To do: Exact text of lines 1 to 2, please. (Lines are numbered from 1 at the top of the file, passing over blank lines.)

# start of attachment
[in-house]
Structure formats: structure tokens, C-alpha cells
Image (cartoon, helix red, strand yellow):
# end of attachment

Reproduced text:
[in-house]
Structure formats: structure tokens, C-alpha cells